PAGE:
Not everybody loved Carrie Underwood's 2014 Grammy-winning song "Something In The Water." In fact, Canadian songwriters Ron McNeill and Georgia Lyons say Underwood stole the song from them.
According to The Tennessean, McNeill and Lyons took Underwood to task for the alleged impropriety. They sued writers Underwood, Chris DeStefano, Brett James and producer Mark Bright in federal court. Oh, and they also sued their publishing companies. In other words, they're looking for the money wherever it comes from.
So just what do they think Underwood and company stole? Pretty much the entire chorus. "The hook on the infringing work, as released on the album, is structurally and lyrically identical," the suit claims. The melody is also "substantially similar."
But if you remember the song, that's less impressive than it sounds. The chorus of "Something In The Water" is pretty plain. In fact, the whole chorus is just, "There must have been something in the water" repeated several times. Given it's a really common saying, that's tough to prove.
But McNeill and Lyons also claim they have a connection to Underwood. Apparently, they sent their song of the same name to producer Mark Bright for Underwood to consider recording.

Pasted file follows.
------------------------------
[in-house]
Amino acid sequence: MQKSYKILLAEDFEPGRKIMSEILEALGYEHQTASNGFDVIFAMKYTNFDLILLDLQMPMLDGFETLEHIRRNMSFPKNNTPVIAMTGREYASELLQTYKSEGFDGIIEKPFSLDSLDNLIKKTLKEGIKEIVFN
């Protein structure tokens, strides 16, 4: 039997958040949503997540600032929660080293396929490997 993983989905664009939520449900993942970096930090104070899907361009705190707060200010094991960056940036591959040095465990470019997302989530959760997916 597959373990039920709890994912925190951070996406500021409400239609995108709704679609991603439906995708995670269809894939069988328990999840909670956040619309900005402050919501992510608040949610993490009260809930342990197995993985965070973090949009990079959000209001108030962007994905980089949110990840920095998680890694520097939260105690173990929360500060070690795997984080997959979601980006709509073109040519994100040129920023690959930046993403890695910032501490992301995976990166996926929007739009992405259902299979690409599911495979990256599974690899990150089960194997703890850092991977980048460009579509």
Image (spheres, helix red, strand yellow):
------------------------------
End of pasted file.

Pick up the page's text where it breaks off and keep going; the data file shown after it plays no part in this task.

They never heard back, but months later, "Something In The Water" hit the radio as a bonus track on her greatest hits album Greatest Hits: Decade #1. The song hit No. 1 on country radio. It also crossed over into the mainstream Christian market and peaked at No. 24 on the Billboard Hot 100.
If McNeill and Lyons prove Underwood's camp stole their song, the windfall would be huge. But artists and songwriters accuse more successful acts of stealing their work all the time. In fact, Underwood and Brad Paisley defeated another claim last year.
Songwriter Amy Bowen claimed the songwriters stole her idea for the song in 2007. She filed a claim in 2013, then Underwood and Paisley defeated it in court in August 2016.
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